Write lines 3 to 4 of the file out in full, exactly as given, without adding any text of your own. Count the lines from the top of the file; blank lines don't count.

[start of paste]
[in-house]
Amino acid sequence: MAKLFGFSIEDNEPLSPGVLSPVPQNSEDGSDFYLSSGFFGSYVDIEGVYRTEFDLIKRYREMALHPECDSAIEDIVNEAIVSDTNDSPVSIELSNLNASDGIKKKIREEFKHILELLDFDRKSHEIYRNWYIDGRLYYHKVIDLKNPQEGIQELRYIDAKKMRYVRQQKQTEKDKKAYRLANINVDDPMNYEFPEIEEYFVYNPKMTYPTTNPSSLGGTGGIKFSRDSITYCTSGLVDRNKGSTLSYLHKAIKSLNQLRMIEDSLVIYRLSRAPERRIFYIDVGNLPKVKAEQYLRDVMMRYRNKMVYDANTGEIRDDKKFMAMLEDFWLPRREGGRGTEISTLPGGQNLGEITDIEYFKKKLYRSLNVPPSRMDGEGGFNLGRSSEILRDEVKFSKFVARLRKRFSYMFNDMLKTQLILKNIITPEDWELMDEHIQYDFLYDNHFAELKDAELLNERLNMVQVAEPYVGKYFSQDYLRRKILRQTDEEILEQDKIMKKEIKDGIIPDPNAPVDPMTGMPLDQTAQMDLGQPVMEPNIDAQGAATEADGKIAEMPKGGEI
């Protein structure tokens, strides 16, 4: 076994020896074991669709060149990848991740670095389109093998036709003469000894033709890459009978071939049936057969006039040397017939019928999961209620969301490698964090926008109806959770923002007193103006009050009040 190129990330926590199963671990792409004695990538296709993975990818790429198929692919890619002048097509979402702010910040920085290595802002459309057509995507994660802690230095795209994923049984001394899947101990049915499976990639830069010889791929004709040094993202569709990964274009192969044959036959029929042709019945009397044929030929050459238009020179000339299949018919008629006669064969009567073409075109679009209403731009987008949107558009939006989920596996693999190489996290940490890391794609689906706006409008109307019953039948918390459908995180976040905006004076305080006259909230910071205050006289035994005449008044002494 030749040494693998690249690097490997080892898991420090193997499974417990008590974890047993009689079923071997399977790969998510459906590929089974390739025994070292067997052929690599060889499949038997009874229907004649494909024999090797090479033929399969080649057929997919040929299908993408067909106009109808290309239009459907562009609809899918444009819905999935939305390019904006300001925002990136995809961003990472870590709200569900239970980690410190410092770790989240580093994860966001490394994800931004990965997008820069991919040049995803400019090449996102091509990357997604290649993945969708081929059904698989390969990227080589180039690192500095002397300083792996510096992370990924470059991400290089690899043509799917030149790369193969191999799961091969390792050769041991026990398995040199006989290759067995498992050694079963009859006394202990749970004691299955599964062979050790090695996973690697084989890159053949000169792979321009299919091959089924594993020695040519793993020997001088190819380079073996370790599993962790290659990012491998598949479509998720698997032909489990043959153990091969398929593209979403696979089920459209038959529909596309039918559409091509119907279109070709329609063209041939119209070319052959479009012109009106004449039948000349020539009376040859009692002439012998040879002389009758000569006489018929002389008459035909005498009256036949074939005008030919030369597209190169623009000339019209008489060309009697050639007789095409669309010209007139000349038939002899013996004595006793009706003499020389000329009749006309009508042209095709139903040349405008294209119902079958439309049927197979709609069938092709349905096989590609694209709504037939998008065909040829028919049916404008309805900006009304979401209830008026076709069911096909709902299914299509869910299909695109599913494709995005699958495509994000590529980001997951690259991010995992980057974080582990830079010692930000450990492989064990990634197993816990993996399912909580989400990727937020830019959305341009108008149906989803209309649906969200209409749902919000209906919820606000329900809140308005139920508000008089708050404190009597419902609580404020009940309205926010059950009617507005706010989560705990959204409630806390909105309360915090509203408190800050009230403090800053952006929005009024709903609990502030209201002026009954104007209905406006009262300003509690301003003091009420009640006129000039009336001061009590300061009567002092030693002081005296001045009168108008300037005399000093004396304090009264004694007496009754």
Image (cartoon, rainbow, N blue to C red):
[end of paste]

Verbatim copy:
């Protein structure tokens, strides 16, 4: 076994020896074991669709060149990848991740670095389109093998036709003469000894033709890459009978071939049936057969006039040397017939019928999961209620969301490698964090926008109806959770923002007193103006009050009040 190129990330926590199963671990792409004695990538296709993975990818790429198929692919890619002048097509979402702010910040920085290595802002459309057509995507994660802690230095795209994923049984001394899947101990049915499976990639830069010889791929004709040094993202569709990964274009192969044959036959029929042709019945009397044929030929050459238009020179000339299949018919008629006669064969009567073409075109679009209403731009987008949107558009939006989920596996693999190489996290940490890391794609689906706006409008109307019953039948918390459908995180976040905006004076305080006259909230910071205050006289035994005449008044002494 030749040494693998690249690097490997080892898991420090193997499974417990008590974890047993009689079923071997399977790969998510459906590929089974390739025994070292067997052929690599060889499949038997009874229907004649494909024999090797090479033929399969080649057929997919040929299908993408067909106009109808290309239009459907562009609809899918444009819905999935939305390019904006300001925002990136995809961003990472870590709200569900239970980690410190410092770790989240580093994860966001490394994800931004990965997008820069991919040049995803400019090449996102091509990357997604290649993945969708081929059904698989390969990227080589180039690192500095002397300083792996510096992370990924470059991400290089690899043509799917030149790369193969191999799961091969390792050769041991026990398995040199006989290759067995498992050694079963009859006394202990749970004691299955599964062979050790090695996973690697084989890159053949000169792979321009299919091959089924594993020695040519793993020997001088190819380079073996370790599993962790290659990012491998598949479509998720698997032909489990043959153990091969398929593209979403696979089920459209038959529909596309039918559409091509119907279109070709329609063209041939119209070319052959479009012109009106004449039948000349020539009376040859009692002439012998040879002389009758000569006489018929002389008459035909005498009256036949074939005008030919030369597209190169623009000339019209008489060309009697050639007789095409669309010209007139000349038939002899013996004595006793009706003499020389000329009749006309009508042209095709139903040349405008294209119902079958439309049927197979709609069938092709349905096989590609694209709504037939998008065909040829028919049916404008309805900006009304979401209830008026076709069911096909709902299914299509869910299909695109599913494709995005699958495509994000590529980001997951690259991010995992980057974080582990830079010692930000450990492989064990990634197993816990993996399912909580989400990727937020830019959305341009108008149906989803209309649906969200209409749902919000209906919820606000329900809140308005139920508000008089708050404190009597419902609580404020009940309205926010059950009617507005706010989560705990959204409630806390909105309360915090509203408190800050009230403090800053952006929005009024709903609990502030209201002026009954104007209905406006009262300003509690301003003091009420009640006129000039009336001061009590300061009567002092030693002081005296001045009168108008300037005399000093004396304090009264004694007496009754």
Image (cartoon, rainbow, N blue to C red):